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Environmetal Protection

Volume 406: debated on Wednesday 4 June 2003

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To ask the Secretary of State for Environment, Food and Rural Affairs what measures are in place to make large industrial companies responsible for their immediate environmental surroundings; and what plans she has to strengthen regulations. [115151]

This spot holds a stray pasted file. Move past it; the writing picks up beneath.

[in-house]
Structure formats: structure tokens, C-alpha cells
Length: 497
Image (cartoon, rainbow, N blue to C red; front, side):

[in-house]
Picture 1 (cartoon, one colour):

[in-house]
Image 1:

Many industrial activities in Great Britain are currently regulated under Part I of the Environmental Protection Act 1990. This introduced the systems of Integrated Pollution Control, which controlled releases to all environmental media, and Local Air Pollution Control, which controlled releases to air only.The Pollution Prevention and Control (England and Wales) Regulations 2000 were made under the Pollution Prevention and Control Act 1999 and will eventually replace Part I of the Environmental Protection Act 1990. The Regulations implement the European Community (EC) Directive 96/61/EC on Integrated Pollution Prevention and Control (IPPC) in so far as it relates to installations in England and Wales.The IPPC regime applies an integrated environmental approach to the regulation of certain industrial activities. This means that emissions to air, water (including discharges to sewer) and land, plus a range of other environmental effects, must be considered together. It also means that regulators must set permit conditions so as to achieve a high level of protection for the environment as a whole. These conditions are based on the use of the 'Best Available Techniques' (BAT), which balances the costs to the operator against the benefits to the environment. IPPC aims to prevent emissions and waste production and where that is not practicable, reduce them to acceptable levels. IPPC also takes the integrated approach beyond the initial task of permitting, through to the restoration of sites when industrial activities cease.Separate systems have been introduced to apply the IPPC Directive to Scotland, Northern Ireland and the offshore oil and gas industries. Regulation of industrial pollution in Scotland and Northern Ireland is a matter for the appropriate Ministers in these devolved administrations.